Archive for the 'arts' Category

Effective privacy disclosure on photo-sharing sites


On the heels of some discussion about whether disclosure notices can actually work, I encountered this example of what I view as effective “fine print”: while exploring Kodak Gallery’s new feature (which allows you to export slideshows from your Kodak Gallery albums to other photo and social networking sites on the Web — Flickr, Photobucket, Facebook, etc.), I saw this message:

Remember that any pictures you include in a slideshow can be viewed and used by visitors to and other websites where you publish your slideshow, according to those websites’ terms. Please use care when deciding what pictures you include and where you publish your slideshow.

I think one thing that makes it effective is its use of non-legalese — it reads like another person is gently warning you to proceed ahead with some caution. Good job,

Live music festivals — beneficiaries of the web difference in the music world?


“The record business, or at least that of the major labels, is foundering, as CD sales spiral downward. But South by Southwest thrives on the plain fact that people still love music: making it, hearing it, dancing to it, even marketing it.” -Jon Pareles, NYT

The NY Times featured an article this past week on Austin’s South by Southwest music festival, and it made some interesting observations about today’s music industry that I thought were relevant to our discussion of the web difference in the music world. The author reiterates the point made in class that more and more musicians will turn to concert sales to make their living (as opposed to record sales). He ultimately characterizes the festival as “as close as the concert business gets to a level playing field.” He adds, “Big names and small play the same beery clubs, through the same sound systems, without their accustomed arena video setups or undistracted audiences.”

So in the growing popularity of these live music festivals, we see another example of the Web breaking down barriers to entry in the music business, a development which we in turn expect to improve information flow, increase choice, and drive competition.

I don’t know much about the festival, but Wikipedia says it is the largest revenue-producing event for the city of Austin – bigger than things like UT football games and even the more storied Austin City Limits music festival! (For more, see this article.) So it seems clear that the internet – by bringing about phenomena like the decreasing importance of major record labels, the popularization of off-label music on the Web, and increasing fan demand for live concerts – is also having a significant impact on local, non-Web entities like local governments/ economies. I think all this is interesting because music is one area where the Web has enabled a distinct online culture (MySpace, Bradsucks) to develop, but everything we’re seeing now suggests that the benefits from this online community are being transferred to (or at least shared with) the non-Internet world.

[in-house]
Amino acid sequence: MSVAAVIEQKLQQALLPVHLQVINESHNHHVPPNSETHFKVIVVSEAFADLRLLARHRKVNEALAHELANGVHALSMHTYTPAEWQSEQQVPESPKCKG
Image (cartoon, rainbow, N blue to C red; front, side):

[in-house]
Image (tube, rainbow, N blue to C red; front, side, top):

Brad of Bradsucks seemed to be focused more on the opportunities to make (and distribute) a new kind of music that have been made possible by the Web. He said he was less into the live performance opportunities, and is happiest when he’s at his computer, mixing and recording songs. But for many other musicians, the internet is changing the landscape of the live music industry and, in so doing, creating all kinds of opportunities to do what they love most – perform in front of a music-loving audience. All in all, it seems like the web difference in the music world has benefited all musicians. I wonder if this is truly a Pareto improvement vis-à-vis the artists themselves – or if there are some musicians out there who were happier before all these changes?

Is the Web killing reading?


Howard Gardner (the famous Harvard psychology prof) says no in a op-ed in the Washington Post.

In Defense of Classical Music


David Byrne’s article that we read for class Tuesday had an offhand remark that was rather negative towards classical music that I feel I need to address. He stated, “to build temples where only “our kind of people” can hear music (opera houses and symphony halls).” Nothing could be further from the truth. I worked for the (now defunct) Florida Philharmonic and saw firsthand the amount of time and money they dedicated to community outreach and introducing classical music to new people. For an example of just how much outreach orchestras do, check out the Cleveland Orchestra’s Education and Outreach page. Even if you don’t enjoy classical music, you have to admit that professional orchestras make more concerted efforts to get new people to listen to their genre than some guy with a guitar and a MySpace page.

For those of you who are interested in seeing how the web is changing the avant-garde classical music scene, check out Hunter is a very talented composer who I met in college. His “Interactive Series” involves compositions that were created using user-generated web input in the form of an online marketplace, a flash introduction, and online registration forms.